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Safety dividend means unionized workers fare better on workplace injuries

Alberta government continues to understate the level of workplace injuries

A new fact sheet released today by the Parkland Institute highlights the true rates of workplace injury in Alberta, and demonstrates how unions protect workers both from unsafe workplaces and a government keen to downplay the risks.

Results-based Budgeting not likely to improve service delivery

More likely to result in bloated bureaucracy and to be used to justify cuts and privatization

A new report by the Parkland Institute finds that Alberta’s implementation of Results-based Budgeting (RBB) is driven by ideology, and will not yield the promised results of more effective and efficient service delivery.

Alberta a throwback to Medicis' Florence

Alberta is arguably the wealthiest jurisdiction in all North America and perhaps the world. Yet there is never enough money in the public coffers to sustain Alberta as a functioning society.

Amidst manifest opulence, the province's minimum wage is the lowest in the country, and real wages for the bottom 90 per cent are scarcely higher than they were three decades ago, eaten away by inflation. Homelessness, spousal abuse and suicide blight the social landscape. The daily news carries repeated stories of over-crowded schools and hospitals, strained universities and of seniors living in sub-standard care facilities; and of underpaid and over-worked child-care and day home workers, correctional officers, nurses, public school teachers, social workers and on and on.

Why Alberta should avoid another bitumen boom

A government that doesn't learn from its mistakes is bound to repeat them. Case in point: Alberta's provincial government, which refuses to alter its regulatory approach to the tarsands.

Alberta’s whistleblower legislation ineffective

A new report released this morning by the Parkland Institute finds that Alberta’s new whistleblower legislation will be ineffective in terms of protecting those who blow the whistle on incompetence or corruption, and will not ensure that allegations are properly investigated.

New report looks at Albertans’ views on governance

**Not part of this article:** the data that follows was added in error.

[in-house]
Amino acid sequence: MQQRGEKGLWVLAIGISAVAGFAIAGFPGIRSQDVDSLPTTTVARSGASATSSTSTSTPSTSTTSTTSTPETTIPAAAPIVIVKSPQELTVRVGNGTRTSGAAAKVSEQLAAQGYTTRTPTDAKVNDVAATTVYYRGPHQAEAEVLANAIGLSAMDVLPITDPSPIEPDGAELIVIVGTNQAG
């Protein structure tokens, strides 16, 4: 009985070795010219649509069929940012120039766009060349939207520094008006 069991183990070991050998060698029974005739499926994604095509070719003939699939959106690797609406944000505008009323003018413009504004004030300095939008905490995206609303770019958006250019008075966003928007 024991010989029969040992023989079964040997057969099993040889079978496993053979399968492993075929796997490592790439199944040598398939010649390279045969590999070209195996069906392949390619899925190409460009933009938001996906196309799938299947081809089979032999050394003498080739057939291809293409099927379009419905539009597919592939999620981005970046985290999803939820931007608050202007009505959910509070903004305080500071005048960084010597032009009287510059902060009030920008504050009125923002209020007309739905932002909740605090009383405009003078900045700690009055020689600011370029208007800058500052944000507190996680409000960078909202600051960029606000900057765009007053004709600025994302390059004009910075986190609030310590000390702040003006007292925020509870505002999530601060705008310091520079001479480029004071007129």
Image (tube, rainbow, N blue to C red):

Strong support for election spending limits and the role of protest groups

A new report released this morning by the Parkland Institute finds that Albertans strongly favour setting election spending limits in Alberta and recognize the important role that protest groups play in a democracy.

Taking the Reins

New report says public interest best served by slowing down bitumen production

A new report released this morning by the U of A’s Parkland Institute says another out-of-control bitumen boom would not be in the best interests of Albertans, and that the Alberta government should take action today to bring the pace of development under control.

A majority of Albertans support a return to progressive taxation

New report shows that fair and progressive taxes could solve Alberta’s fiscal woes

A new report released this morning by the U of A’s Parkland Institute says that the solution to Alberta’s current fiscal woes, and to growing inequality in the province, lies in an increase in corporate taxes and a return to a progressive tax system—a move that a majority of Albertans would support.

Contracting out maintenance of infrastructure has reduced transparency and put tax dollars at risk

A new report released this morning by the U of A’s Parkland Institute says that Alberta’s contracting out of infrastructure maintenance to private firms has resulted in decreased transparency and accountability, and has put Alberta taxpayer dollars at risk.

Alberta is Canada’s most unequal province

And Calgary is the most unequal city

Analysis by the Parkland Institute and the Canadian Centre for Policy Alternatives of new data on Canada’s richest 1% shows that Alberta has become the country’s most unequal province and Calgary its most unequal city.  The new data shows that incomes (adjusted for inflation) for the top 1% of Albertan doubled between 1982 and 2010, posting a shocking increase of $320,000.  By comparison, the bottom 90% of Albertans saw their incomes increase by a total of only $3,900 over the same time period.

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